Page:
- Hawkins: Arm straight out, bend at elbow to 90 degrees, and the internally rotate arm to its limit and and drop hand down. -- positive if pain.
If pt is complaining from lower back pain, and u suspect a nerve irritation, what test should u do?
- Straight leg raising test. -- pt supine, neck slightly flexed, raise leg w knee extended. -- positive if pain.
- Femoral stretch test. -- same as straight leg test but having the pt prone.
what are hip test assessment?
- Thomas test: fully extend one leg with flexed knee on the other. Observe the pt's ability to keep the extended leg flat-- tests the degree of flexion, not only pain.
- Trendelenburg test: it is to detect weak hip muscles. have the pt stand on one leg and flex the knee on the other. observe for any drop from behind the pt. -- A + test is to see a drop on the unsupported leg.
- Barlow and Ortolini: they are used together to check for dislocated hips, until age 2 or 3 months.
What test would u do if u suspect excess fluid or effusion on the knee?
Ligaments of the knee?
- Ballottement: one hand in the suprapatella and the other one on the patella. Suprapatellar hand pouch with web of thumb and forefinger. Push down on this hand. Push patella downwards towards the femur to look for bogginess (movable fluid).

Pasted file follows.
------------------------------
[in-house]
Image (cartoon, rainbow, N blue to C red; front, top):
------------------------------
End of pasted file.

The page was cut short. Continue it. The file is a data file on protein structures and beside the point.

- Bulge sign: milk the kneed to try to collect fluid 2 or 3 x.
- ACL and PCL: (forward and backward movement) prevent excessive anterior glide of the femur on the tibia.
- MCL and LCL: are side movement.
- MCL: prevents excessive abduction of the tibia.
- LCL: prevents excessive adduction of the tibia.
what test would u performed if suspecting and ACL tear?
Medial or lateral meniscus?
- Anterior drawer test: flex knee feet on table, grasp posterior of tibia (upper calf) and pull tibia forward. -- if excessive movement, then the tests is +.
- Posterior Drawer test: knee flex at 90 degrees, grasp the anterior aspect of the tibia, and push forward or back. -- positive for extra movement.
- McMurray test: Move knee side to side, knee flexed one hand in knee and the other in the foot, then rotate the tibia. -- pop or click or pain may be a + test.
- Valgus stress test: abduction stress test. one hand stabilizing the knee, the other on the lower leg. Then push lower leg into abduction. -- if abduction is greater than normal, test if +.
- Varus stress test: same thing but adduct instead of abduct.